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Roger Byrne
Roger Byrne.jpg
Byrne in May 1957
Personal information
Full name Roger William Byrne
Date of birth (1929-02-08)8 February 1929
Place of birth Gorton, Manchester,
Lancashire, England
Date of death 6 February 1958(1958-02-06) (aged 28)
Place of death Munich, West Germany
Height 5 ft 9 in (1.75 m)
Playing position Full back
Youth career
Ryder Brow Boys Club
1949–1951 Manchester United
Senior career*
Years Team Apps (Gls)
1951–1958 Manchester United 245 (17)
National team
1954–1957 England 33 (0)
* Senior club appearances and goals counted for the domestic league only

Roger William Byrne (8 February 1929 – 6 February 1958) was an English footballer and captain of Manchester United. He died at the age of 28 in the Munich air disaster. He was one of the eight Manchester United players who lost their lives in the disaster on 6 February 1958. He made 33 appearances for the England national team.

Biography[edit]

Byrne was born in February 1929 in the Gorton district of Manchester, the only child of William Henry Byrne (1894–1972) and Jessie Byrne (1899–1986). Byrne undertook two years of National Service in the Royal Air Force, where he was not considered good enough to play football and played rugby instead. While playing for Ryder Brow, Byrne came to the attention of United scout Joe Armstrong and was offered amateur terms at the club, turning professional soon after, becoming the first of what would come to be known as the Busby Babes.[1]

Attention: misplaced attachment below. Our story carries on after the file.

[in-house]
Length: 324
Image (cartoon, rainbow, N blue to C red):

Byrne was captain of Manchester United from the 1955–56 season onwards. He captained the side through the legendary Busby Babes era, playing as a left-sided full-back of the traditional style. He had previously been fielded at wing half and outside left and it was a testament to his versatility that, despite being naturally right sided, he should have been a success in a variety of positions.

Byrne was never considered the most gifted of footballers. His tackling could be suspect and his aerial ability was described as no better than average, but his incredible work ethic and footballing intelligence allowed him to position himself and react to danger swiftly. Innovatively, he was also adept at making forward runs and joining attacks at a time when full-backs were expected only to stand back and defend. Perhaps his best asset was his ability to inspire players with his charismatic leadership. Even more than half a century after his death, he is still regarded as one of Manchester United's greatest captains. He earned league-winner's medals in 1952, 1956 and 1957, and was an FA Cup runner-up to Aston Villa in 1957.

Byrne was also a regular member of Walter Winterbottom's England team during the 1950s and was considered a possible captain of the national team after the retirement of the incumbent captain, Billy Wright. His total of 33 England caps were all won in consecutive fixtures. He appeared in every England international from his debut against Scotland in April 1954 to his last match against France in November 1957. This remains a record.